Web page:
This invention relates to a process for the production of a hot melt coating composition containing microcapsules. The process comprises the steps of preparing a dispersion of substantially discrete microcapsules in a volatile solvent continuous phase. A hot melt suspending medium is prepared, the hot melt suspending medium having a melting point of from about 50° C. to about 140° C. and a melting point range of less than about 15° C., the hot melt suspending medium being in a fluid state. The dispersion of substantially discrete microcapsules in a volatile solvent is then mixed with the fluid hot melt suspending medium with turbulent agitation to form an intimate mixture of the dispersion of microcapsules and the hot melt suspending medium. Heat and a vacuum are applied to the mixture, while maintaining the agitation, until the volatile solvent is substantially removed from the mixture to form a dispersion of substantially discrete microcapsules in the liquid hot melt suspending medium. The heat is applied at a rate sufficient to maintain the mixture at a temperature above the melting point of the hot melt suspending medium, the temperature also being above the boiling point of water at the vacuum level. This invention further relates to the coating composition produced by the process of this invention.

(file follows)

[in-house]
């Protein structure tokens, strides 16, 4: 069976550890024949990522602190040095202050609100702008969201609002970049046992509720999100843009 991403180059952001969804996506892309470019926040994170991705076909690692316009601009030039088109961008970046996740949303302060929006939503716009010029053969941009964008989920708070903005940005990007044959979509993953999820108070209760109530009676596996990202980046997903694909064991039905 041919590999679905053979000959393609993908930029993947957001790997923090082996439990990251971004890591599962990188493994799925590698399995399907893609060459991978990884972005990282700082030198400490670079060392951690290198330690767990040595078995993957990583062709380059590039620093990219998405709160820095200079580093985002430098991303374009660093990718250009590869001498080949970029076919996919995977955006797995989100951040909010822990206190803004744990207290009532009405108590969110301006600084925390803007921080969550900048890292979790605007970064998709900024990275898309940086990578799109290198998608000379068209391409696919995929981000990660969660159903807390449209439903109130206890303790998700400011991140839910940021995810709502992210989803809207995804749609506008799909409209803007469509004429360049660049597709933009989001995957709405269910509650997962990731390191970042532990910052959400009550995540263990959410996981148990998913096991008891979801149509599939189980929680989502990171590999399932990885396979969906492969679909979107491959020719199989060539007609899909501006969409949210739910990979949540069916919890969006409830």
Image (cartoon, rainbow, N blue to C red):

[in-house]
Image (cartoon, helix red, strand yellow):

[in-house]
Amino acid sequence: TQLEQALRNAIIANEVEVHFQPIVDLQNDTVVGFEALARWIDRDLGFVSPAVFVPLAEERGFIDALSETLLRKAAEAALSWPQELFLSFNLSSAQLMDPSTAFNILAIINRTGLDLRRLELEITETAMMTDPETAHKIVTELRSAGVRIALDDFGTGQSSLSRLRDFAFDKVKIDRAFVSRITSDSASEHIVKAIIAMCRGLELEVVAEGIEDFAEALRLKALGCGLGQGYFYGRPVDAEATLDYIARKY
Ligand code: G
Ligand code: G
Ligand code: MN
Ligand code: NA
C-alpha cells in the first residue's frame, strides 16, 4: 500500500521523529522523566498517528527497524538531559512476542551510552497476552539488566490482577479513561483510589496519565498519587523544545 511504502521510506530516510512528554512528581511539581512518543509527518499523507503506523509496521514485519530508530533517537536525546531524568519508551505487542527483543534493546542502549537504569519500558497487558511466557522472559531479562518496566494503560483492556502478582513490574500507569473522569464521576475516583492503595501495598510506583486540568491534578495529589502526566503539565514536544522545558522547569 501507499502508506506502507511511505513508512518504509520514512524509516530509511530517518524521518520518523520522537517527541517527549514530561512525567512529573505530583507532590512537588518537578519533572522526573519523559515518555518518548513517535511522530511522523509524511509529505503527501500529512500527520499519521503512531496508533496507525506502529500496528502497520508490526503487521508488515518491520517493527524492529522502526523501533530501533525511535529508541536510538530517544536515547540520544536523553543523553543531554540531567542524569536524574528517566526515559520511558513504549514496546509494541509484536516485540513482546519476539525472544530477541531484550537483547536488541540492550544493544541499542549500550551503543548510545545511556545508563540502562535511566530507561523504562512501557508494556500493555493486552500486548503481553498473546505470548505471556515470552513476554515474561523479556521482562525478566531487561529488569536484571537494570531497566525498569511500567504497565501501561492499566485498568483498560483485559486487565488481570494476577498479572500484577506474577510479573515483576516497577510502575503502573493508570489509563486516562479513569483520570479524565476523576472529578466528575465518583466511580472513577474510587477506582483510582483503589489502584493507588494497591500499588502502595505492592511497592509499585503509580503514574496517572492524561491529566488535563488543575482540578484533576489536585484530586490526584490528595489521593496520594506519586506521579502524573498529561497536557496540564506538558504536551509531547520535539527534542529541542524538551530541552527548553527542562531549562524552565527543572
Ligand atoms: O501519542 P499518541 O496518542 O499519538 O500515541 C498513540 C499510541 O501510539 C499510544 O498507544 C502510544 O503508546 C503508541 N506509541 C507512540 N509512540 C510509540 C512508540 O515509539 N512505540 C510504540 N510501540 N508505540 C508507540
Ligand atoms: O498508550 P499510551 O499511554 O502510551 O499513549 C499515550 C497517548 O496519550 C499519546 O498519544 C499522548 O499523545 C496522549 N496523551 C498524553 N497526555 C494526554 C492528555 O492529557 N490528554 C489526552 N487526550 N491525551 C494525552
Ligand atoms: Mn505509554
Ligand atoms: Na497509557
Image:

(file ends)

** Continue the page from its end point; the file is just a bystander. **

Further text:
The process of this invention involves the production of a hot melt coating composition containing microcapsules. In its broadest form the process is accomplished by mixing a microcapsular dispersion in a volatile solvent with a fluid hot melt suspending medium and applying a vacuum while maintaining mixing and a temperature high enough to keep the hot melt suspending medium in a liquid state and to evaporate the volatile solvent by heating until substantially all of the solvent is removed from the mixture. In the most preferred process and product of this invention the volatile solvent is water. For purposes of this application the term "fluid" as applied to a hot melt suspending medium will be used to describe a liquid or a pourable particulate powder.